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Dôsôjin

Accession Number
1991/1.73

Title
Dôsôjin

Artist(s)
Japanese

Artist Nationality
Japanese (culture or style)

Object Creation Date
circa 1950

Medium & Support
rubbing: ink on paper

Dimensions
58 11/16 x 25 in. ( 149 x 63.5 cm )

Credit Line
Gift of Mrs. Caroline J. Plumer

Label copy
This rubbing depicts Dôsojin, a generic name for certain deities worshiped throughout Japan and especially in Nagano prefecture. The deity seen in this rubbing is usually depicted as a male and female pair. Here the figures are human, but
sometimes they are depicted as tall, round stones, or as symbols representing the male and female aspects. Jizo statues depicting a bald monk, common throughout Japan, are also considered Dôsojin. Because Dôsojin are considered to be protectors of boundaries, travelers, and villagers, shrines to and images of this deity are located throughout the Kanto region. In premodern Japan, when these statues and structures were made, traveling by road was dangerous. Journeys could take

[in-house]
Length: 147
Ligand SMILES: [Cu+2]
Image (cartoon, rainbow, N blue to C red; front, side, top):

weeks and along the way travelers would be subjected not only to the elements, but to roving groups of bandits, who also attacked villages. Images of Dôsojin were erected along the roads and in villages in the hope that they would protect people from both supernatural forces and the dangers of the physical world.

Subject matter
This man and woman are Dosojin, a deity worshipped for protection. They protect boundaries, travelers, and villagers, and shrines with their images are located throughout the Kanto region. It was believed that Dosojin would protect from both physical and supernatural dangers.

Physical Description
An image of two figures holding hands under a roof. The figures also have their arms wrapped around each other's shoulders. There is writing on the roof with the kanji for 'kami' 'ancestor' and 'road'

Primary Object Classification
Rubbing

Collection Area
Asian

Rights
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